The Yankees Can Win Despite Power Outage


Jun 6, 2014; Kansas City, MO, USA; New York Yankees designated hitter Carlos Beltran (36) at bat against the Kansas City Royals during the first inning at Kauffman Stadium. Mandatory Credit: Peter G. Aiken-USA TODAY Sports

Once again, a writer who has spent a considerable amount of time covering the New York Yankees, is calling for the impending doom of the Bronx Bombers unless they begin to hit home runs at a record pace. Yes, this reference is to Joel Sherman’s recent piece, and it is simply wrong on so many levels.

Sure, Mr. Sherman makes some valid points that the Yankees spent a ton of money on free agent hitters Brian McCann, Carlos Beltran, and Jacoby Ellsbury. Does he need reminding of how many World Series titles the Yankees won with Curtis Granderson, Nick Swisher, and Robinson Cano? None for Grandy, and one with Swisher and Cano. Pitching wins championships. Of course we would all love to see Beltran and McCann live up to their contracts, and utilize the short porch in right field to send baseball’s out at a record pace. However, it is not a requirement to win a division, a pennant, or a World Series.

The difference between 2009 and today? Pitching. C.C. Sabathia was still an ace, Andy Pettitte was still a warrior when the chips were down, A.J. Burnett was serviceable enough during the regular season, although he never lived up to his contract while in the Bronx, and this is a team that was even able to squeeze 9 victories out of Joba Chamberlain. The ’09 Yankees didn’t have a single 40-home run hitter, even though Mark Teixeira just missed it with 39. Only one other hitter (Alex Rodriguez) topped the 30-homer mark.

While the Yankees might have paid Beltran and McCann a pretty penny, and things haven’t quite worked out, the season is long from over. Beltran is dealing with a bone spur–one that nobody could’ve foreseen other than perhaps a guy at his age could be more prone to developing that type of injury than a younger player. As for McCann, he’s still doing a phenomenal job handling this pitching staff–one that has been CRUSHED by injuries and ineffectiveness. He’s helped make Masahiro Tanaka‘s adjustment to the big leagues smooth. He’s handled Chase Whitley better than anyone could ever of thought. AND…it’s only June 18th. If McCann finishes 2014 near the Mendoza Line and with less than 20 bombs, then it’s time to revisit this discussion.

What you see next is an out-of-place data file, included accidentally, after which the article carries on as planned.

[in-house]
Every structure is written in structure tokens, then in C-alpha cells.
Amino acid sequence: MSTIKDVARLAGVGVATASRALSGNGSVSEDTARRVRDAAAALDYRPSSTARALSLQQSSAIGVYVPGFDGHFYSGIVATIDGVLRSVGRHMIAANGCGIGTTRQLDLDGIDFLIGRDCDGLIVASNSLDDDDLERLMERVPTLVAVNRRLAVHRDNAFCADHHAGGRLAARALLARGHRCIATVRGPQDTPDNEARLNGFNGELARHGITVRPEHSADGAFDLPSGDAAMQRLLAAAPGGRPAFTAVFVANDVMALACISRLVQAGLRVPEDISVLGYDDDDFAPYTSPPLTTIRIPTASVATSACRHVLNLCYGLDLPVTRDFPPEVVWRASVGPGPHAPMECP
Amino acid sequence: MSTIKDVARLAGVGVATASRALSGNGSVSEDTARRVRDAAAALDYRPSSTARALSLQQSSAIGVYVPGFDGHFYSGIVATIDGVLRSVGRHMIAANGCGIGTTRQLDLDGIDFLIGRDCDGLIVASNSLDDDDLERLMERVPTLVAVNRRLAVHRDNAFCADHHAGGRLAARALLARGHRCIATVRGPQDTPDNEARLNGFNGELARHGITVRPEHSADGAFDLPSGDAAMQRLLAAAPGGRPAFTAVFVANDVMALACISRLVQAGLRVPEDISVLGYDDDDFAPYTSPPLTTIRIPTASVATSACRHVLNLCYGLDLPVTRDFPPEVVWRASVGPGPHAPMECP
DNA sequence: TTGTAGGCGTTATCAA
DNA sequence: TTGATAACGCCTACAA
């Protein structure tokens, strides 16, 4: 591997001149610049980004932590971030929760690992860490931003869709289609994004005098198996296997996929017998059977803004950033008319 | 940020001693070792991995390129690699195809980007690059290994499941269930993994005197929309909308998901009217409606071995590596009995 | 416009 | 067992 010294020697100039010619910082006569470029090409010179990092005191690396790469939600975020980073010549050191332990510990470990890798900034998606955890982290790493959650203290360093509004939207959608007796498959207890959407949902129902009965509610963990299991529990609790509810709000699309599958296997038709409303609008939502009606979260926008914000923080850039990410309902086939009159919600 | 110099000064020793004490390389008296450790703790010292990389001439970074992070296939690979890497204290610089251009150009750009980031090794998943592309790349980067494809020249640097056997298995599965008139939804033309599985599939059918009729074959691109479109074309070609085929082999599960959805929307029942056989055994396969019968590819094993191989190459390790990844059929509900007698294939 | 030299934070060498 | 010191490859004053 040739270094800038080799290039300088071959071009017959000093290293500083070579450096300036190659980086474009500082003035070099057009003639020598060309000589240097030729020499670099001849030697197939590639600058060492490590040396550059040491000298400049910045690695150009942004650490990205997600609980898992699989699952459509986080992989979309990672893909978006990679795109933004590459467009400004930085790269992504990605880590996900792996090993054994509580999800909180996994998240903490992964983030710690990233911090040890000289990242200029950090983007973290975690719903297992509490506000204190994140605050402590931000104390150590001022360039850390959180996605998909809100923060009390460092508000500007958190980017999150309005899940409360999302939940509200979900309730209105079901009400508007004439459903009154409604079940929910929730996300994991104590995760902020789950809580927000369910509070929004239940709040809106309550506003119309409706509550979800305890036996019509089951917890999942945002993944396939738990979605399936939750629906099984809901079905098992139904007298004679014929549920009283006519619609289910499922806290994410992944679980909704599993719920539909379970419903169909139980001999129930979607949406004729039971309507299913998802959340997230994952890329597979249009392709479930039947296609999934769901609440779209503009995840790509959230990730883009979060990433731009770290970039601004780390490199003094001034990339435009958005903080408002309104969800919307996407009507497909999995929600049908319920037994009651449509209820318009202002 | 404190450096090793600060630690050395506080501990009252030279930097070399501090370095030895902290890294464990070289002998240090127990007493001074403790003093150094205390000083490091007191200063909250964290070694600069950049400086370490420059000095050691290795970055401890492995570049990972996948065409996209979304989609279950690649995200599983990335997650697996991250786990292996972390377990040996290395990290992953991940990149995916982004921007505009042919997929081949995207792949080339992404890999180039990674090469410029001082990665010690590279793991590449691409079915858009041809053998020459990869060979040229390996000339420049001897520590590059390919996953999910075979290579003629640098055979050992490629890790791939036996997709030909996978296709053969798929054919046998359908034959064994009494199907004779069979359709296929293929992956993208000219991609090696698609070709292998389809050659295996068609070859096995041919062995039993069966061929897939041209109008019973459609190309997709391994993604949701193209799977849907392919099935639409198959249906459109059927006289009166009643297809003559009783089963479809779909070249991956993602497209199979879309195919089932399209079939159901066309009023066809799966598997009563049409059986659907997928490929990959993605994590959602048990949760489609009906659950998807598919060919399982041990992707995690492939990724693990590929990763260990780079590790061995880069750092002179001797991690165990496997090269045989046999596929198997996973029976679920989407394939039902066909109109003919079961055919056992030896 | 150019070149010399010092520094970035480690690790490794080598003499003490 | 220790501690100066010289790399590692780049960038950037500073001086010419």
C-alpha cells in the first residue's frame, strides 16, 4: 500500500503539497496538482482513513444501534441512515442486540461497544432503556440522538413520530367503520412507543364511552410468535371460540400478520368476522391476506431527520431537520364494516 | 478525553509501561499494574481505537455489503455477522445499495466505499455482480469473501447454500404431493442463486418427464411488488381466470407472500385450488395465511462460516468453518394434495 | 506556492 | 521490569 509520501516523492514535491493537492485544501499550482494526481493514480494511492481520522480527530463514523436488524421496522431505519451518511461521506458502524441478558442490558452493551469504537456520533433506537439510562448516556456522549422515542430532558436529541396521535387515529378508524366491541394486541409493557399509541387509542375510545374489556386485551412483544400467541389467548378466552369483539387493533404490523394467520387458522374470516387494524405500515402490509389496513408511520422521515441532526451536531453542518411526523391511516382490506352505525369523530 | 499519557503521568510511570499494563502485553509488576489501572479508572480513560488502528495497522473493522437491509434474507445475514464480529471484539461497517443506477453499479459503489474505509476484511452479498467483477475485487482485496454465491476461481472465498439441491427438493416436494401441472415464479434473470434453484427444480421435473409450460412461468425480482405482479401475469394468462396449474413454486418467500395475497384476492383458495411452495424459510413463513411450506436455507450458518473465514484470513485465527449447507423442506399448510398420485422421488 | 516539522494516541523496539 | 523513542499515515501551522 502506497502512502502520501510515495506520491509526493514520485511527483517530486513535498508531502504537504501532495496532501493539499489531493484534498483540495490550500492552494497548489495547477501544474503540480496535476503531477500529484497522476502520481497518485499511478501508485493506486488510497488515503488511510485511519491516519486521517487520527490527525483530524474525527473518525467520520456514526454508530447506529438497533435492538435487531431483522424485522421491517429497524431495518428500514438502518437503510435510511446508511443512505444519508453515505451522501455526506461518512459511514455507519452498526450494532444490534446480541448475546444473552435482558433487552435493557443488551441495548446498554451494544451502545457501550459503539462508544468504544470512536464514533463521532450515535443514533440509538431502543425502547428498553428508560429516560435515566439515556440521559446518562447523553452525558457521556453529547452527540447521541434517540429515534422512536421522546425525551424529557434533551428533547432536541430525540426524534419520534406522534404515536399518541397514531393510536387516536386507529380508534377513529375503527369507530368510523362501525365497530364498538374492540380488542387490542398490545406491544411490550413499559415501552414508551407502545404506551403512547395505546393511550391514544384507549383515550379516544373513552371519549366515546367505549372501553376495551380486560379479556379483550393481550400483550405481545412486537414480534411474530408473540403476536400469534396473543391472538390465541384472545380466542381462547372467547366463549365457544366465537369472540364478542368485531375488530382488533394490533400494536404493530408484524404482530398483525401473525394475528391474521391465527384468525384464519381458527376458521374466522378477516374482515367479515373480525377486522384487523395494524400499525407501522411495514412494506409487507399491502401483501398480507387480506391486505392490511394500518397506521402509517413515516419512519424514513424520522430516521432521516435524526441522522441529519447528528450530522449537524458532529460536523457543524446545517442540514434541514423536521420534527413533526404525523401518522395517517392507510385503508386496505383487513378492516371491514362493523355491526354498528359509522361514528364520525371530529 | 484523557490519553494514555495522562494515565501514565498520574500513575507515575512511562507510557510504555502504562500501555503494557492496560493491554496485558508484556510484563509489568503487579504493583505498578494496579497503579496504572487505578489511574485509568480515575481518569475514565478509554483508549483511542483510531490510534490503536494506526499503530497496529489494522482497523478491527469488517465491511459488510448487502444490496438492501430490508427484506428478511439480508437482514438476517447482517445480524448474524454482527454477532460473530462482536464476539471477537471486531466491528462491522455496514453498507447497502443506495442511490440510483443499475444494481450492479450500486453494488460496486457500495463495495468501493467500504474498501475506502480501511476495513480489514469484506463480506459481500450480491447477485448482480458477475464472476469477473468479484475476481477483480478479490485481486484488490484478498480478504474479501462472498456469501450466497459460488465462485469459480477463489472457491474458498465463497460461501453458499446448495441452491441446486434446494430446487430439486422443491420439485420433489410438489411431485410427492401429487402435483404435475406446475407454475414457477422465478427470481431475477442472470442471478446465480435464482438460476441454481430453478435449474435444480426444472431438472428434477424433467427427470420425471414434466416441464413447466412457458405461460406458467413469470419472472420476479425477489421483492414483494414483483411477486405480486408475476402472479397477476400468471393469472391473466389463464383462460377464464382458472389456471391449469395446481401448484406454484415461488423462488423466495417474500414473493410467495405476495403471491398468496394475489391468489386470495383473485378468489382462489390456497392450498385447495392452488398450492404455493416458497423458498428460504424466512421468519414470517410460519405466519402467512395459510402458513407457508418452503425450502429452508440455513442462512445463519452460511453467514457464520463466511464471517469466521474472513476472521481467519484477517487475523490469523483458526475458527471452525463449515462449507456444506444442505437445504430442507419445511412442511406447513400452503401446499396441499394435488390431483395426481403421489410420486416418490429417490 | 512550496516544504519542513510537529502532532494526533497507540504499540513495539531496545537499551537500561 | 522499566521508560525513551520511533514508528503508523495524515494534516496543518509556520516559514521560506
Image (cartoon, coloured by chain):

Anyone that thought Jacoby Ellsbury was going to replicate his 32-home run season of 2011 needs their head examined. He was signed to energize the top of the lineup, and to give Brett Gardner a partner in crime AND to play Gold Glove defense. Check. Check. Check.

Mr. Sherman fails to give anyone on the Yankees’ roster or staff credit for keeping this team competitive and within striking distance of the first place Toronto Blue Jays. As of this writing, the second game of the series between the two divisional foes is in progress. The Yankees are 3 1/2 games out with little to no offense. No Kelly Johnson, no Brian Roberts, no Beltran, no McCann, no Alfonso Soriano. Three and a half games out. If half of these players can heat up even for a month, the AL East is the Yankees’ to lose.

Health matters, and this team will no doubt be in the market for a bat and a starting arm at the deadline, but to paint a picture of doom because a team isn’t going yard three or four times per night? The Blue Jays lead the world in home runs as a team. What happens when they stop hitting and have to depend solely on Mark Buehrle and R.A. Dickey? What happens when a team-wide slump hits a slugging team in the postseason? Oh yeah, we’ve seen that one play out before. Just ask the Yankees of 2012!